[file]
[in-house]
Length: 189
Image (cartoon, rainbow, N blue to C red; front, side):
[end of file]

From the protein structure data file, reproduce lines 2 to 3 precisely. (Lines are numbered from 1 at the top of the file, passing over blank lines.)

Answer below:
Length: 189
Image (cartoon, rainbow, N blue to C red; front, side):